If you didn’t grow up in a poor urban neighborhood, it is difficult to know what it is like to live in one. And if you don’t know what life is like in these neighborhoods, you may not feel any responsibility or incentive to help them. When students and leaders sign up to be a part of one of Hope for the Inner City’s Urban Ministry Teams, they are signing up for a week-long cultural immersion with the goal of forming them into advocates for justice and mercy. Over the course of seven days, Urban Ministry Teams will be exposed to the daily struggles of the inner-city poor while gaining a vision for racial reconciliation and spiritual growth.


Urban ministry teaches you something that you cannot learn by staying home. 

Recently, a group of college students came to Hope for the Inner City to work in the East Lake projects. These were students who had been raised to stay out of poor neighborhoods. They were taught to lock their doors when driving past dilapidated houses. They had a preconceived notion that neighborhoods like East Lake were dangerous places that should be avoided. At the end of the week-long project, after meeting and working with the people of East Lake, these students were amazed, and also frustrated.

These students were amazed by the loving, friendly, and deep personalities that they connected with during their week in Chattanooga. They were, however, frustrated that they had been lied to about the types of people who live in neighborhoods like East Lake. While the residents of East Lake are victims of systemic, racial injustices, these students realized that they too were victims of a kind. They were victims of the lies they had been told about the people from those neighborhoods.

It is easy to enter a week-long urban ministry project with the mindset that you are there to bring value to the neighborhoods. However, if you enter with an open mind, a loving heart, and a willingness to learn, you will actually gain something irreplaceable: understanding. No other experience can replace the understanding from the empathetic connection that is gained by simply going out and sharing a space with someone else.


Urban Ministry addresses the immediate needs of the community.

Nearly a quarter of the homes in East Chattanooga were built between 1950-1959. Many of these houses have since fallen into disrepair because the residents who live there can’t afford the upkeep and don’t have access to necessary services. Hope for the Inner City believes in Sweat Evangelism. Simply put, Sweat Evangelism is creating a relationship through work. For example, you paint a resident’s house and, while doing so, you interact with them and ask them about their life and other ways you can help them. Chances are, neighbors nearby will also ask for assistance, and kids in the neighborhood will want to talk and help out. Through working, you address an immediate need of the community, while building relationships and gaining an opportunity to minister into the lives of others.


Urban Ministry provides hope for forgotten neighborhoods. 

Many of the neighborhoods in East Chattanooga are forgotten and purposely passed over. For example, some areas of East Chattanooga have been a food desert for the past 5 to 6 years, meaning they don’t have a local grocery store. Additionally, one-quarter of East Chattanooga residents don’t own a transportation vehicle, which makes it a challenge for them to make it to the store. And, even when they do make it to the store, many lack the money to buy enough food for them and their families. Nearly 30% of East Chattanooga households earn less than $10,000/year and a staggering 28.7% of residents are unemployed, compared to a 4-5% unemployment rate in the rest of Hamilton County.  Some might see this discrepancy as an economic issue, but it is a justice issue. The predominately black residents of these neighborhoods do not have the same access to goods and services as others; they have been forgotten and neglected.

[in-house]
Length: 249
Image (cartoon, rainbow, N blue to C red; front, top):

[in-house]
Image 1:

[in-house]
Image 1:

For the church of Jesus to be present, urban ministries act as a visible symbol of his care for those that the world would say are not valuable and has seemingly forgotten. Urban ministries provide a way to be a flag for Jesus. They allow the redeeming love of Jesus to be spread through hard work and relationships. Urban ministry also allows the eyes of those doing the work to be opened to the reality that the people they may have been ignoring are really just like them, made in the image of God.


The best way to understand what God is doing in urban neighborhoods is to visit one. Find out how you can bring a group to Hope for the Inner City and experience this cultural immersion.


Statistics on our Neighborhoods (Data from American Community Survey: 2011-2015 Estimates):

NEIGHBORHOOD(S) Avondale, Boyce Stn., Missionary Rdg., Wheeler Ave.
· Racial Make-up

Black: 93.6%

White:   6.4%

Other:   0.0%

· Largest Age Cohort 45 – 64 years old: 31%
· Year Home Built* 22.4% built 1950-1959
· Rent v. Own

Rent: 75.7%

Own: 24.3%

· Monthly Costs*

Rent: 55.7% – $500 – $999

Mortgage: 57.4% – $500 – $999

· 35% or More of Income toward Costs*

Renters: 54.9%

Owners: 45.8%

· No Vehicle* 25.2%

· Income*


28.4% of households – Less than $10,000

21% of households – $15,000 – $24,999

· Unemployment Rate

(16+ yrs.)


4-5% (US), 4-5% (Hamilton Co.) (2016)


· No HS Diploma

(25+ yrs.)


· College Degree

(25+ yrs.)




PO BOX 11584


A 501(c)(3) Organization